Interviewee: Mr Robert William Wight
Date of Birth: 26th February 1916
Interviewer : Valerie Spence
Date of Interview: 7th November 1985
Synopsis: Elaine Gorddard
BOHG No: 1985-005
Total Length: 54min
Bob Wight was born 26th February 1916 at Wellington Mills
Father – John Robert born 26th May 1896 Echuca Victoria.
Mother – Annie Florence Jackson born Rockhampton Queensland
Siblings – John Edward, Arthur Norman and Barbara Isobel.
Married in Donnybrook 1947.
Children – two boys and one girl.
Schooling was at Wellington Mills where there was about 30 children from grade one onwards. Just the one big classroom. Most of the children left school at 14 years and hopefully got a job in the mill or farm work around the area. Rafferty’s rules for a lot of the kids who wagged school as much as they could – going out into the bush to shoot kangaroos or watch the men felling trees. Got up to a lot of mischief. The school was burnt down in the bush fire 14th April 1950. which also destroyed several houses in Wellington Mills and surrounding areas.
One of Bob’s earliest memories was at the age of three when his grandfather took sick and was carried away on a stretcher to hospital where he eventually died.
Bob’s grandfather came over from the Eastern States late 1800s and first worked at Denmark for the Millar’s timber mill. When work ran out in Denmark, he was transferred up to Wellington Mills and became the foreman. Took up a farming in 1906 and the family has stayed there ever since.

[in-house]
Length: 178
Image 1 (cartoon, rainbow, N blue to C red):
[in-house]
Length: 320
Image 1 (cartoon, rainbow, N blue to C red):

Bob’s grandfather, was foreman there, and then his father took over that job when the grandfather died.
Horse and sulky or walking was the main mode of transport. Train used to go into Dardanup on a Saturday afternoon about 1pm and came back at 4pm.
Houses in general were all timber (some taken from rejected timber the yards) iron roof, walls were weatherboard with hessian and paper glued on to it. Money was tight. £2.5.0. Two pounds five shillings a week.
In the height of the timber industry, Wellington Mills hosted a bakery, butcher, general store, Post office, hospital outpost, doctor, as well as the school.
There was usually a dance on a Saturday night somewhere in the district that all used to go to. Tennis, cricket, football were other pastimes.
Millar’s worked Wellington Mills area between 1906 –1929. Two train-loads of timber left Wellington Mills each day with timber which was exported mainly to India. Bob’s grandfather-in-law came over from Victoria to Lyall’s mill to work the bullock teams which were used to drag timber out of the bush, but not used a great deal at Wellington Mill, mainly horses used there. Tractors took over from the horses after the second world war.
Bob started work at 13 and worked most of his life in the bush falling trees and using the broadaxe to cut sleepers and build bridges. He goes on to explain the art of using the broadaxe to cut sleepers and in bridge building. Bob worked in building bridges from Northam and York all the way down to Northcliffe and Pemberton in his time. When not working on timber, Bob did farm work around the area, also on his own farm.
Although the broadaxe is not used as much today, they still used the art in some bridge building
Although it was a dangerous industry, not a lot of accidents happened, when they did they were usually big ones.
He talks of the methods of fire control – now and then.
Relates a couple of stories of some of the local identities around the place.